Using seed from this year's harvest for next year's crop?

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I've managed to get a good crop of potatoes this year from seed potatoes I saved from last year's crop. I've also nurtured plants that grew from potatoes I clearly missed from harvesting last year and they have rewarded me with a decent crop. I also planted some chitted potatoes from bought food potatoes with success.

This got me to thinking about how I could be more self-sufficient and save the considerable cost of seed and plants by gathering, storing and planting seeds from other crops I have grown this year. I'm thinking mangetout, runner and french beans, courgettes and possibly tomatoes and salad crops. Any tips, warnings and other advice would be most welcome.

I have six 1m x 2m raised beds and a small green house available.
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Reactions: Billy-o


Apr 19, 2018
One thing is to get some brown paper bags. Use them to tie over the top of the seed bearing parts of the plants when ready. Catches the seed as the plant dries out and drops the seeds.

Also paper bags are good for drying in any case. Remember that anything you dry should be hung upside down, in a bag or not, otherwise it risks rotting.

Many plants look magnificently architectural when allowed to go to seed and catch a frost on them. Photoworthy.
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Jan 21, 2005
S. Lanarkshire
All of those will save well.
Mould growing on the seed won't help, and they're much better kept cold. Peas and the like don't need chilled in the fridge, but a dry cold pantry or cupboard/drawer is fine. I use little brown paper envelopes to store mine.

You can sprout those beans and seeds before you plant them and you'll see if they're viable that way :)

I've never tried saving lettuce seeds, but turnip, beetroot, radish, all seem to run true.
Tomatoes and chillies as well :) Pumpkins and butternut squash do so too.

Best of luck with it :)



Jan 21, 2005
S. Lanarkshire
I grew peas from the dried marrowfat ones that come in a box to soak and boil at home. 50p for a box of Batchelors. 250g.
Nice peas :happy: Big and sweet and lovely straight from the vine. I've saved one pods worth from every vine I grew for next year. The bees were busy round them, so I reckon they'll be a healthy enough mix.
Every single pea I sprouted grew into a healthy plant, and not overwhelmingly tall either. They're still producing now.

Hodmedod's do a nice range too though. Should ask if they're viable I suppose ?

Woody girl

Full Member
Mar 31, 2018
I've had very good results from baby tomatoes that I bought in March then realising I had no seed just cut one in half then popped the seeds onto damp compost in a pot . I had so many plants you wouldn't believe!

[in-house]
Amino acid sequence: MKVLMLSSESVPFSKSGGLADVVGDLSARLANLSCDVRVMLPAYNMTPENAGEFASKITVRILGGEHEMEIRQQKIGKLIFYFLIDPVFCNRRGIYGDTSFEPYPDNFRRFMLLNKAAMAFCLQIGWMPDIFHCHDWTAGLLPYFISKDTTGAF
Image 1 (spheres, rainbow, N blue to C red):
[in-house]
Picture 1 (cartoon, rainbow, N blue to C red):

I've also done shop bought potatoes very successfully.
Runner beans are very easy to save and have saved them for about 7 consecutive years now.
I leave several overgrown beans on the plant to turn brown and finish drying the pods indoors.
Shallots which I bought last year for pickling I had about a dozen left over. I planted them this spring, and though several did nothing, I have enough for another large jar of pickled shallots.
Tried planting small shop bought onions but they flowered so I've left them to turn to seed and will collect that to plant.
It may not always be successful but usualy you can get something worth having.
I also planted some shop bought butternut squash left over seeds and now have four lovely plants producing some nice little butternuts.
It's great fun learning what you can get from practicaly nothing.
Try peppers chillies and even strawberrys from shop bought food. They would all do well in the greenhouse.
Strawberrys are done just like the tomatoes. Don't forget to label what it is though! I keep forgetting what I'm planting this year as I had no labels left.
I've had to eat a lot of magnum ice lollies to make more labels....( well that's my excuse :) )


Jul 2, 2014
North West Somerset
We recycle some excess seed of most types each year, unless we’ve had a poor year, especially as we’re still trying different kinds of garden crops in our new-to-us house’s garden. We also try different tomato varieties each year by buying a few types and then drying the seeds on kitchen paper towels. It works well - you can write the type/name and date directly on the paper with a pen, and even plant the paper direct into pots with the seeds on it. This year it has been a very good year for beefsteak toms which we are now preserving as suggested in Hugh’s latest video on YouTube.

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